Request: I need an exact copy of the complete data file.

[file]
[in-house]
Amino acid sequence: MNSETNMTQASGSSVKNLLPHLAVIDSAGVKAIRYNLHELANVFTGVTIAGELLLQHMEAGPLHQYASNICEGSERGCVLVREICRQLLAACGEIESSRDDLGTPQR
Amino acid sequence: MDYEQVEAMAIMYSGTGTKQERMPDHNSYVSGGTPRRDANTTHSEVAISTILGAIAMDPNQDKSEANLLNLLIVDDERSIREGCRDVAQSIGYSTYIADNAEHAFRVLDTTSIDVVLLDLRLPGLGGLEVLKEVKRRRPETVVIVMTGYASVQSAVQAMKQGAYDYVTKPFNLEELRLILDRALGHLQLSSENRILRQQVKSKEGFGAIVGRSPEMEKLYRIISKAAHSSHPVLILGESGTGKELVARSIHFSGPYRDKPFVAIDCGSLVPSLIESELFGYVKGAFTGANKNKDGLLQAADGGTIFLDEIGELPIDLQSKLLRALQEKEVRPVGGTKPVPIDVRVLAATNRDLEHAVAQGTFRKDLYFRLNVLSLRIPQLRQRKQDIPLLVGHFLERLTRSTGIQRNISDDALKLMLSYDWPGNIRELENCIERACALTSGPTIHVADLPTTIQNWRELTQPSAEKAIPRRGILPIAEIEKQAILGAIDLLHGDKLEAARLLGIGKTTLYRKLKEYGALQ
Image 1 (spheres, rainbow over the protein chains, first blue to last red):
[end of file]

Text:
[in-house]
Amino acid sequence: MNSETNMTQASGSSVKNLLPHLAVIDSAGVKAIRYNLHELANVFTGVTIAGELLLQHMEAGPLHQYASNICEGSERGCVLVREICRQLLAACGEIESSRDDLGTPQR
Amino acid sequence: MDYEQVEAMAIMYSGTGTKQERMPDHNSYVSGGTPRRDANTTHSEVAISTILGAIAMDPNQDKSEANLLNLLIVDDERSIREGCRDVAQSIGYSTYIADNAEHAFRVLDTTSIDVVLLDLRLPGLGGLEVLKEVKRRRPETVVIVMTGYASVQSAVQAMKQGAYDYVTKPFNLEELRLILDRALGHLQLSSENRILRQQVKSKEGFGAIVGRSPEMEKLYRIISKAAHSSHPVLILGESGTGKELVARSIHFSGPYRDKPFVAIDCGSLVPSLIESELFGYVKGAFTGANKNKDGLLQAADGGTIFLDEIGELPIDLQSKLLRALQEKEVRPVGGTKPVPIDVRVLAATNRDLEHAVAQGTFRKDLYFRLNVLSLRIPQLRQRKQDIPLLVGHFLERLTRSTGIQRNISDDALKLMLSYDWPGNIRELENCIERACALTSGPTIHVADLPTTIQNWRELTQPSAEKAIPRRGILPIAEIEKQAILGAIDLLHGDKLEAARLLGIGKTTLYRKLKEYGALQ
Image 1 (spheres, rainbow over the protein chains, first blue to last red):